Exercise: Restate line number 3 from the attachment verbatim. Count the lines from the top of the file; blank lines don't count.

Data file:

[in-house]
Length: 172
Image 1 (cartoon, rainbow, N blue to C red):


Image 1 (cartoon, rainbow, N blue to C red):